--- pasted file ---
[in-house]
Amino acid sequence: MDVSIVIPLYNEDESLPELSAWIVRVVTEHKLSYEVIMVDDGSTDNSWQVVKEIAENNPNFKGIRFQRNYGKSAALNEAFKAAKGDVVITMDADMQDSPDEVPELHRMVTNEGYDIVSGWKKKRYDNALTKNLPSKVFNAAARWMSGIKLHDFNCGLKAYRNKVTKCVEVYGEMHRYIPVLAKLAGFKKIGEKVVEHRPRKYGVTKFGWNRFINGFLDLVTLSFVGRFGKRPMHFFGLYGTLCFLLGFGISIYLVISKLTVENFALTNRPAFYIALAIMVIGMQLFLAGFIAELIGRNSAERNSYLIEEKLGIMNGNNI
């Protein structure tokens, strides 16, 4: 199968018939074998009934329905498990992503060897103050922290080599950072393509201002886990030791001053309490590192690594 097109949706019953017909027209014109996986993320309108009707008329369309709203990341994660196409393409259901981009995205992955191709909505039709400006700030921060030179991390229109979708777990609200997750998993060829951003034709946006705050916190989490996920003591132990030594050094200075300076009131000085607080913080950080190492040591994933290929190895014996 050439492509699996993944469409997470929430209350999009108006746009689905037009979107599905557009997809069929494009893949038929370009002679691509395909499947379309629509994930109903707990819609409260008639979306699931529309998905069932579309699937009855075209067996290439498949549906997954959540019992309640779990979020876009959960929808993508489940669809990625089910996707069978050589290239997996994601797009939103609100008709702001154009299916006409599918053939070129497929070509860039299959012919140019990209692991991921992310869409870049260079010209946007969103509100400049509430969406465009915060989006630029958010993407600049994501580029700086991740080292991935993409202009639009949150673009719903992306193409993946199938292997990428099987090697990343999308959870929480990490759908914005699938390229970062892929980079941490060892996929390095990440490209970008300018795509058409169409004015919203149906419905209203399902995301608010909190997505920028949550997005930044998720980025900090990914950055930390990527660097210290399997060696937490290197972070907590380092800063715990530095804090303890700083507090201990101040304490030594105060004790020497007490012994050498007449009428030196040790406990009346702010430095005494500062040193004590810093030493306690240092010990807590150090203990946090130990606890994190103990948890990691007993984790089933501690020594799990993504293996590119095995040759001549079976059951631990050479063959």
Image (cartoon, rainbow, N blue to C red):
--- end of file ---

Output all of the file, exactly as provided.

[in-house]
Amino acid sequence: MDVSIVIPLYNEDESLPELSAWIVRVVTEHKLSYEVIMVDDGSTDNSWQVVKEIAENNPNFKGIRFQRNYGKSAALNEAFKAAKGDVVITMDADMQDSPDEVPELHRMVTNEGYDIVSGWKKKRYDNALTKNLPSKVFNAAARWMSGIKLHDFNCGLKAYRNKVTKCVEVYGEMHRYIPVLAKLAGFKKIGEKVVEHRPRKYGVTKFGWNRFINGFLDLVTLSFVGRFGKRPMHFFGLYGTLCFLLGFGISIYLVISKLTVENFALTNRPAFYIALAIMVIGMQLFLAGFIAELIGRNSAERNSYLIEEKLGIMNGNNI
């Protein structure tokens, strides 16, 4: 199968018939074998009934329905498990992503060897103050922290080599950072393509201002886990030791001053309490590192690594 097109949706019953017909027209014109996986993320309108009707008329369309709203990341994660196409393409259901981009995205992955191709909505039709400006700030921060030179991390229109979708777990609200997750998993060829951003034709946006705050916190989490996920003591132990030594050094200075300076009131000085607080913080950080190492040591994933290929190895014996 050439492509699996993944469409997470929430209350999009108006746009689905037009979107599905557009997809069929494009893949038929370009002679691509395909499947379309629509994930109903707990819609409260008639979306699931529309998905069932579309699937009855075209067996290439498949549906997954959540019992309640779990979020876009959960929808993508489940669809990625089910996707069978050589290239997996994601797009939103609100008709702001154009299916006409599918053939070129497929070509860039299959012919140019990209692991991921992310869409870049260079010209946007969103509100400049509430969406465009915060989006630029958010993407600049994501580029700086991740080292991935993409202009639009949150673009719903992306193409993946199938292997990428099987090697990343999308959870929480990490759908914005699938390229970062892929980079941490060892996929390095990440490209970008300018795509058409169409004015919203149906419905209203399902995301608010909190997505920028949550997005930044998720980025900090990914950055930390990527660097210290399997060696937490290197972070907590380092800063715990530095804090303890700083507090201990101040304490030594105060004790020497007490012994050498007449009428030196040790406990009346702010430095005494500062040193004590810093030493306690240092010990807590150090203990946090130990606890994190103990948890990691007993984790089933501690020594799990993504293996590119095995040759001549079976059951631990050479063959």
Image (cartoon, rainbow, N blue to C red):